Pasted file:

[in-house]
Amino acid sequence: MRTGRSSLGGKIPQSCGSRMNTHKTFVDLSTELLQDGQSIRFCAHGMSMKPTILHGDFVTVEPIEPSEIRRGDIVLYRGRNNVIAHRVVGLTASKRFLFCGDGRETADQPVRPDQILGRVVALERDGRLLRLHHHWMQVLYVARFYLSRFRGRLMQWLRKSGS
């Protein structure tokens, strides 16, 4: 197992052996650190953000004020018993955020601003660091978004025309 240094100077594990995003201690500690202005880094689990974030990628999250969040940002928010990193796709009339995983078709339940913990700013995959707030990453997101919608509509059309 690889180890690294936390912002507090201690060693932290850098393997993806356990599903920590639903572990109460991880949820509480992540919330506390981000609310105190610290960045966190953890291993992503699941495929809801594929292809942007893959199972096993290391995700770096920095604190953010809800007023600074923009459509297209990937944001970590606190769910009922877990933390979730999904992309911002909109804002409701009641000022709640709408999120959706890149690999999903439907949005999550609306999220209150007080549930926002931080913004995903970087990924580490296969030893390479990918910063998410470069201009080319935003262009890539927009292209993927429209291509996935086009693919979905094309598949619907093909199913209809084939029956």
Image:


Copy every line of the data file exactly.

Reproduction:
[in-house]
Amino acid sequence: MRTGRSSLGGKIPQSCGSRMNTHKTFVDLSTELLQDGQSIRFCAHGMSMKPTILHGDFVTVEPIEPSEIRRGDIVLYRGRNNVIAHRVVGLTASKRFLFCGDGRETADQPVRPDQILGRVVALERDGRLLRLHHHWMQVLYVARFYLSRFRGRLMQWLRKSGS
């Protein structure tokens, strides 16, 4: 197992052996650190953000004020018993955020601003660091978004025309 240094100077594990995003201690500690202005880094689990974030990628999250969040940002928010990193796709009339995983078709339940913990700013995959707030990453997101919608509509059309 690889180890690294936390912002507090201690060693932290850098393997993806356990599903920590639903572990109460991880949820509480992540919330506390981000609310105190610290960045966190953890291993992503699941495929809801594929292809942007893959199972096993290391995700770096920095604190953010809800007023600074923009459509297209990937944001970590606190769910009922877990933390979730999904992309911002909109804002409701009641000022709640709408999120959706890149690999999903439907949005999550609306999220209150007080549930926002931080913004995903970087990924580490296969030893390479990918910063998410470069201009080319935003262009890539927009292209993927429209291509996935086009693919979905094309598949619907093909199913209809084939029956």
Image: